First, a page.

It was the announcement that shocked everyone. Argentina’s former President Cristina Fernández de Kirchner wouldn’t run for president. Instead, her former cabinet chief Alberto Fernández would be her party’s candidate, and she’d be his running mate. Kirchner was expected to lead the ticket herself and was ahead of incumbent Mauricio Macri in many recent polls.
Fernández, who lacks charisma or political support of his own, had only recently returned as Cristina’s main political advisor after a decade of being highly critical of the former president. After quitting as her chief of staff in 2008, he was vocally against some of Kirchner’s most controversial policies, including a reform to increase political control over the judiciary, a fight with the agricultural sector, an attempt to curtail the influence of a critical media conglomerate, and an agreement with Iran to investigate a terrorist attack in Buenos Aires.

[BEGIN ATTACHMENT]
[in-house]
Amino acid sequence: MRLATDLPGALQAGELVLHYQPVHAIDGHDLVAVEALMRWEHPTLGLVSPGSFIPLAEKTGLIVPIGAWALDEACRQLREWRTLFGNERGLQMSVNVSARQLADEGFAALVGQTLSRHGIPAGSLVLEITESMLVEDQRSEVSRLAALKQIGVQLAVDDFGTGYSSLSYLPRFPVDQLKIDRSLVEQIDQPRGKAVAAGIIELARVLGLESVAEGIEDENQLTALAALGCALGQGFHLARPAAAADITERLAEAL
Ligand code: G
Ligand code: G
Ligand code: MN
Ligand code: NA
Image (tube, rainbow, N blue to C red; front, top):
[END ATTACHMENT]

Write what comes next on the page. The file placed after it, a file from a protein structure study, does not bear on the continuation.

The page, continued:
Some analysts see this track record as proof that Fernández would be a moderating force to a highly ideological Kirchner. But Kirchner was never as rigid in her ideology as her detractors – and some devout supporters – may have believed. After all, why would a hard ideologue pick the moderate Daniel Scioli as her preferred successor in 2015 and now Fernández in 2019?